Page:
a. Birds flying high in the air
b. Waves lashing on the beach
c. Niagara Falls)
Mrs. Mathrubhootham: (Whispers in horror) He’s a Seth Paiyyan?
Malar: (Aghast at her mother’s conclusion) Amma, Aaditya is a Punjabi. His family moved to Pune some twenty five years back.
Mrs. Mathrubhootham: (Groans in anguish) Punjabi-a? Adi paavi! Where have you kept your brains?
Malar: (Hastily tries to pacify her mother and explains) Amma, Aaditya is from a very good family. He’s well educated and placed with a great company. He is sweet, gentle and takes care of me so well.
Mrs. Mathrubhootham: (Cynically waves away Malar’s explanations with a hand) All these north Indian boys might look good. But they are up to no good.
Malar: (Voice breaks on a sob) Amma, please. That’s really not fair!
Malar walks away from the argument, trying to stem her tears. She moves into the house.
Mrs. Mathrubhootham wrings her hands in frustration and annoyance. Everything caught in the lens frame beyond this phenomenal moment, freezes. The camera slowly pans like a creepy poltergeist, taking in the entire domestic backyard. Having had its fill of the cheap detergent foam, cracked-up well, three glaciated human beings and thanking God for the lack of olfactory devices on its body, the camera then moves into the house through the back door.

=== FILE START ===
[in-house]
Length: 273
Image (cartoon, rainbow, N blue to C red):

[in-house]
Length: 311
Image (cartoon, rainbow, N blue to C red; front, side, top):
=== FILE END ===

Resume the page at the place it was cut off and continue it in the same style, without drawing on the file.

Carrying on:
A small courtyard allows light into the perennially gloomy interiors (A power cut at 9:00 a.m vouches for siphoning off a whole day’s EB). And here, a few benumbed members of the Mathrubhootham family (other than Malar), are brought into focus.
The Chimerical Thangai– Wears a nightgown. Holds a frayed version of Vogue (a 2003 issue) in hand and dreams of the lead role in Kani Patnam’s next movie, Shakuni.
The Ambitious Thambi– Wonders whether Aaditya Mathur has any younger sisters. Meet one of them and consequently facilitate the perfect passport to settle down in Mumbai.
The Romantic Thangai– Wishes hard for more Aaditya Mathurs in the world. One each for every Mathrubhootham girl.
A waft of wind blows into the house and everyone unfreezes automatically.